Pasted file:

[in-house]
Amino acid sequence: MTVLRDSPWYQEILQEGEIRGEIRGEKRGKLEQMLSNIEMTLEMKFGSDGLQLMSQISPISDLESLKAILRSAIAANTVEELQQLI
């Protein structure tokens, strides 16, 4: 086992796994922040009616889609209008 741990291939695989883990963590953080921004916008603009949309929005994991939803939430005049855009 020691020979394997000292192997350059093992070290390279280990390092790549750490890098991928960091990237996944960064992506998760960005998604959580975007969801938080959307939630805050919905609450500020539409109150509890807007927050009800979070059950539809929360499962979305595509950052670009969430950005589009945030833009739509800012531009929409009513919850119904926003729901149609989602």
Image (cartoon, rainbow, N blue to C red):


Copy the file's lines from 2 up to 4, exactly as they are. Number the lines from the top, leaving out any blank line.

Amino acid sequence: MTVLRDSPWYQEILQEGEIRGEIRGEKRGKLEQMLSNIEMTLEMKFGSDGLQLMSQISPISDLESLKAILRSAIAANTVEELQQLI
């Protein structure tokens, strides 16, 4: 086992796994922040009616889609209008 741990291939695989883990963590953080921004916008603009949309929005994991939803939430005049855009 020691020979394997000292192997350059093992070290390279280990390092790549750490890098991928960091990237996944960064992506998760960005998604959580975007969801938080959307939630805050919905609450500020539409109150509890807007927050009800979070059950539809929360499962979305595509950052670009969430950005589009945030833009739509800012531009929409009513919850119904926003729901149609989602």
Image (cartoon, rainbow, N blue to C red):